The implication here is that the Genesis author chose his verbs (or received them divinely) as a function of the material origins of different parts of the cosmos, rather than something of interest to the original, Israelite audience. This line of reasoning imports a rigid—and entirely modern—distinction between the Hebrew verbs in a manner that is fine-tuned to address the concerns of a 21st-century American audience. Thus Snelling's ad hoc approach to scripture resides in a symbiotic relationship with his ad hoc approach to science, each gaining traction from the other. Snelling reads what he wants to read in scripture so that he may see what he wants to see in nature. In short, he has traded truth for certainty.


Snelling's summary of radiometric dates obtained from this particular meteorite is messy, to say the least, and illustrates well why he will never be published in an influential, peer-reviewed journal. A bulk of the Answers Research Journal article consists of unnecessary background information and tedious petrological descriptions of the meteorite samples. These sections are inconsequential to Snelling's main thesis, that despite the overwhelming consistency and precision of radiometric dates (all pointing to an age of 4.56 Ga), he still won't accept that this one meteorite, let alone the universe, is much older than 6,000 years.

To preclude the most parsimonious interpretation of the data, accepted universally by research geologists, Snelling attempts to argue that the 4.56-billion-year age of the meteorite merely reflects the geochemistry of the primordial creation material. Essentially, he claims that both meteorites and the planets were derived from this primordial creation material, which consisted of all elements and isotopes created by God on Day 1. Both parent (radioactive) and daughter (radiogenic) isotopes were incorporated into the new material, according to Snelling. Then, accelerated nuclear decay affected all atoms in the universe at several stages in Earth history (defined arbitrarily by Snelling and other creationists). As a result, both meteorites and the bulk Earth contain a common distribution of isotopes from the Uranium-Lead, Lead-Lead, Potassium-Argon, Rubidium-Strontium, Lutetium-Hafnium, and Samarium-Neodymium systems, yielding a common isochron age for both meteorites and the bulk Earth. Since these model ages do not account for isotopes/elements inherited from the primordial creation material, they are not true ages, so Snelling is free to maintain his 'biblical age' of 6,000 years as an axiomatic reference.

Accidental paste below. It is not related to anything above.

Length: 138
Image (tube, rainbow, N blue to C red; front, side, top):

In case you didn't follow all of that (it took me several attempts), don't worry. You need only reference Occam's Razor to understand why Snelling's conjecture is and will remain ad hoc conjecture. It is predictive of nothing, and his starting assumption regarding the age of the universe guides his interpretation of the data. This approach stands in stark opposition to conventional geochronology, which makes precise predictions that are confirmed/disconfirmed by real data.

Snelling's conclusions are scientifically meaningless, because he cannot account for the fact that these six radiometric systems yield the same age, based on decay rates measured in the present. Despite his attempt to plead otherwise (see below), the age of meteorites and the bulk Earth are obtained through independently verifiable results.

Why should all six isotope systems yield the same age if it is not real? That is the pressing question, which Snelling cannot answer, so he glosses over it with filler descriptions of the samples and discussions of Hebrew verbs.